Old South Winery

     The Best in Everything Muscadine!

The Wine Making Process


Don't get too excited! 

I will give you general information here, no Old South secrets.  


<===== Black muscadines as they fall through the crusher
The best wine starts with fresh fruit. At Old South Winery, the grapes are crushed, pressed and pumped into the cold room tanks within 8-12 hours of harvest! The juice is chilled, % sugar is checked, then yeast and sugar are added to the juice.
Temperature control is top priority in making wine. In fact, early winemakers in the Middle East discovered thousands of years ago that the best wines are made at cave temperature! We don't have caves here in south Mississippi, but we use electricity and the miracle of air conditioning to keep our fermenting juice at cave temperature - 56 degrees.
Fermentation is the process of yeast living, reproducing and dying in the juice, thus converting juice into wine. Fermentation takes about 6-8 weeks, so that by Halloween, fermentation is complete and aging has begun.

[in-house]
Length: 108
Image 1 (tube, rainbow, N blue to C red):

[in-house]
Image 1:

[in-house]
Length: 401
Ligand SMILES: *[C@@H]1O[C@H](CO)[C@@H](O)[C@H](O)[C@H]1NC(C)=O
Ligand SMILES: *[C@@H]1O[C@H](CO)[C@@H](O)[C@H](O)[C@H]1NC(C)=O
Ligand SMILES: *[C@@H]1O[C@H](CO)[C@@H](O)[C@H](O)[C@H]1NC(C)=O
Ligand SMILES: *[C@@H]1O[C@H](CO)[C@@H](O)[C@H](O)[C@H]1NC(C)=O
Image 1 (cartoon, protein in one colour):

Aging takes a minimum of 5 months, but can continue for years if proper temperature is maintained. Wine changes, or ages, all by itself - we don't do anything special to make wine age! However, we keep air from the wine (no oxidation), keep it cool, and don't expose it to light.
To keep your wine fruity, age in the bottle or stainless steel. For some unknown reason, French people began aging wine in wooden barrels, which takes away the fruity taste of the wine. I suspect storing wine in barrels was much cheaper than fragile pottery!
Wine is sensitive to both air, light, and temperature, so take precautions to keep air away from the wine (keep it corked and keep the cork wet); don't expose the wine to light or extreme temperature (no wine should be stored on top of your refrigerator!)
I hope you have found this short explanation satisfactory. Should you need further information on wine making, consult the Internet or books that are readily available.